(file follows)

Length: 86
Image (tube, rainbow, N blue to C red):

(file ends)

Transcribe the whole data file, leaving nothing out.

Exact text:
Length: 86
Image (tube, rainbow, N blue to C red):